The Shadow of the Wind by Carlos Ruiz Zafón

This was another of my impulsive charity bookshop purchases, and I have to say I am getting good at these, and finding some real gems- ‘The Shadow of the Wind‘ being one of them. I know I seem to have a trend with historical fiction set in other countries or cultures, and my ‘to read’ pile does have other genres in it, but now the summer holidays have ended, the rate I’m reading has really slowed so I’m allowing myself to enjoy my little guilty pleasure.

The Shadow of the Wind‘ is set in post-war Barcelona, and focuses on the life of Daniel Sempere, the son of a bookshop owner. For his 11th birthday, he is taken to the secretive Cemetery of Forgotten Books where he chooses the ‘The Shadow of the Wind’ by Julian Carax from among the lost and forgotten books treasured away there. He is totally engrossed by it and becomes obsessed with finding more out about the mysterious author. In doing so, he comes across tales of the sinister Laín Coubert who is on a mission to destroy all of Carax’s books, who is actually the name of the devil character in Carax’s book to make things even more mysterious and almost certainly troublesome for Daniel.

After a slightly odd few chapters on his childhood and love for Clara, the much older girl who tells him more about Carax and his mysteries, the teenage Daniel and his rather eccentric yet lovable friend Fermin Romero de Torres (a former government spy on the run from the sadistic Inspector Fumero) try to track down Julian and instead discover his troubled childhood, the doomed love between him and Penelope from 1919, and the tangled web of loyalty and hatred he left behind- wherein lies the answer to Daniels questions. I won’t give the plot away as there are some fantastic twists and a really heart-warming story not only between Julian and Penelope but one of Daniel’s own.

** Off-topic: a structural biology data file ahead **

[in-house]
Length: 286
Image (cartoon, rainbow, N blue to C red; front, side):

I really enjoyed this book- yes it was historical fiction but for a lot of it, you wouldn’t notice and although the actions of the past during the war are relevant it still feels like a normal, exciting mystery/love story tale (sorry for the vague-ness of the genre, but that really is the best description I can think of!) It’s about growing up, and love and friendship, and best of all it’s a book about books! I think the quote to the left sums it up pretty well. There are sequels to this based on Daniel’s character, and while I did love Zafón’s style of writing and the tale itself, I’m not sure I want to read them for a while, if at all. I’m always wary of sequels, and I think I need a break of something else before coming back.


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